Pipeline performance overview

This page explains the basic terminology and concepts of pipeline processing in Cloud Data Fusion.

Pipeline performance depends on the following aspects:

  • The size and characteristics of your data
  • The structure of your pipeline
  • Cluster sizing
  • Plugins that your Cloud Data Fusion pipeline uses

Pipeline processing terminology in Cloud Data Fusion

The following terminology applies in pipeline processing in Cloud Data Fusion.

Machine type
Type of virtual machines (VMs) used (CPU, memory).
A group of VMs working together to handle large-scale data processing tasks.
Master and worker nodes
Physical or virtual machines that can do processing. Master nodes usually coordinate work. Worker nodes run executors that process data. They have machine characteristics (amount of memory and number of vCores available for processes).
vCores, Cores, or CPUs
A resource that does computing. Usually your nodes provide a certain amount of Cores and your Executors request one or a few CPUs. Balance this along with memory, or you might underutilize your cluster.
A single VM that acts as the central coordinator for the entire cluster. It manages tasks, schedules work across worker nodes, and monitors job progress.
Multiple VMs performing the actual data processing tasks, as instructed by the driver. Your data is partitioned and distributed across these executors for parallel processing. To utilize all of the executors, you must have enough splits.
Splits or partitions
A dataset is split into splits (other name partitions) to process data in parallel. If you don't have enough splits, you can't utilize the whole cluster.

Performance tuning overview

Pipelines are executed on clusters of machines. When you choose to run Cloud Data Fusion pipelines on Dataproc clusters (which is the recommended provisioner), it uses YARN (Yet Another Resource Negotiator) behind the scenes. Dataproc utilizes YARN for resource management within the cluster. When you submit a Cloud Data Fusion pipeline to a Dataproc cluster, the underlying Apache Spark job leverages YARN for resource allocation and task scheduling.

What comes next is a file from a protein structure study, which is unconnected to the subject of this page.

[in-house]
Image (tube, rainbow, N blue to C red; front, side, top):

A cluster consists of master and worker nodes. Master nodes are generally responsible for coordinating work, while worker nodes perform the actual work. Clusters will normally have a small number of master nodes (one or three) and a large number of workers. YARN is used as the work coordination system. YARN runs a Resource Manager service on the master node and a Node Manager service on each worker node. Resource Managers coordinate amongst all the Node Managers to determine where to create and execute containers on the cluster.

YARN Resource Managers and Node Managers

On each worker node, the Node Manager reserves a portion of the available machine memory and CPUs for running YARN containers. For example, on a Dataproc cluster, if your worker nodes are n1-standard-4 VMs (4 CPU, 15 GB memory), each Node Manager will reserve 4 CPUs and 12 GB memory for running YARN containers. The remaining 3 GB of memory is left for the other Hadoop services running on the node.

When a pipeline is run on YARN, it will launch a pipeline workflow driver, a Spark driver, and many Spark executors in Dataproc.

Drivers and Executors

The workflow driver is responsible for launching the one or more Spark programs that make up a pipeline. The workflow driver usually doesn't do much work. Each Spark program runs a single Spark driver and multiple Spark executors. The driver coordinates work amongst the executors, but usually doesn't perform any actual work. Most of the actual work is performed by the Spark executors.

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